Kuparuk River facts for kids
Quick facts for kidsKuparuk River
Spring ice breakup in 2011
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Location of the mouth of the Kuparuk River in Alaska
|Main source||Brooks Range
2,900 ft (880 m)
68°32′15″N 149°14′46″W / 68.53750°N 149.24611°W
|River mouth||Gwydyr Bay, Beaufort Sea
8 miles (13 km) southeast of Beechey Point
0 ft (0 m)
70°25′28″N 148°52′15″W / 70.42444°N 148.87083°W
|Length||200 mi (320 km)|
|Basin size||3,130 sq mi (8,100 km2)|
The Kuparuk River (Iñupiaq: Kuukpaaġruk) is a river in Alaska's North Slope that enters a bay on the Beaufort Sea between Beechey Point and Prudhoe Bay. The north-flowing river is about 200 miles (320 km) long, and its delta is about 3 miles (5 km) wide. Its Eskimo name appeared on a map drawn in 1901 by a prospector who spelled it Koopowra, which he translated as Big River. Kuukpaaġruk can be translated to a "smaller version of a big river".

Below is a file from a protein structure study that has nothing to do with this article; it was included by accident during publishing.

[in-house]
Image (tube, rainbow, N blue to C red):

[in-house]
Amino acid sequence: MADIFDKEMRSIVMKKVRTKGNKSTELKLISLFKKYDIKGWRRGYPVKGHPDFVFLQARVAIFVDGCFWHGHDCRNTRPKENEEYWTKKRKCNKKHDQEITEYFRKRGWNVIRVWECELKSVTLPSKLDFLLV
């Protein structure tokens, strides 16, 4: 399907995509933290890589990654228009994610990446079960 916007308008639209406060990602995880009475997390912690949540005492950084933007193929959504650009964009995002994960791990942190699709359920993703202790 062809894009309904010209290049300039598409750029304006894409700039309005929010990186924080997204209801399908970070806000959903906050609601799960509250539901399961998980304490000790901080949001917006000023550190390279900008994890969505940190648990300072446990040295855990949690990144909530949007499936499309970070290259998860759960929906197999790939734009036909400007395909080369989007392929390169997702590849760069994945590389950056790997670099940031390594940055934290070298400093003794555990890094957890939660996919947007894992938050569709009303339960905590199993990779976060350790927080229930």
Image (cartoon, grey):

Kuparuk Mound, a 30-foot (9.1 m) pingo about 12 miles (19 km) southeast of Beechey Point, is named after the river. Arctic explorer Ernest de Koven Leffingwell named the mound, which he used as a triangulation station in 1911.
The Kuparuk River oil field, the second largest oil field in North America, is centered about 40 miles (64 km) west of Prudhoe Bay. Discovered in 1969, it covers about 500 square miles (1,300 km2).
|Mary the Jewess|